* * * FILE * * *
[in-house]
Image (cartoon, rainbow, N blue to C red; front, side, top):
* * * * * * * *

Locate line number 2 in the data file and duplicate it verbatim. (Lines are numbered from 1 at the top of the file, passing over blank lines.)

Image (cartoon, rainbow, N blue to C red; front, side, top):